At Simone Subal, Larry Bamburg Asks Nature to Stay True to Its Portrait

THE DAILY PIC: A tree-trunk gets shot, then preserved to match its photo.


THE DAILY PIC (#1511): This pair of “images” (I use the word advisedly) comes from the solo show by Larry Bamburg now at Simone Subal Gallery in New York. Bamburg procured a slice of mulberry trunk and had it photographed as accurately as he possibly could, matched tone for tone and color for color. Then, realizing that he’d need to take steps if photo and aging wood were to keep matching for long, he lodged the plank in a vacuum-sealed box with controlled heat and humidity. This means that the normal state of things got reversed: Bamburg’s diptych is about nature trying to stay true to a photo, instead of vice-versa.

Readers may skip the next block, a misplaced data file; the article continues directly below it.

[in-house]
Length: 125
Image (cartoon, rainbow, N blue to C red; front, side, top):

A confession: I’m writing about Bamburg’s tree trunk because of its easily graspable wit, but that isn’t the best work in the Subal show. I actually prefer a series of absurdly complex sculptures that play a similar kind of matching game between chunks of talc, piles of soap and bases made of tile. But try saying something coherent about those. Might as well try writing on Cezanne. (Courtesy  the artist and Simone Subal Gallery; photography by Sebastian Bach)

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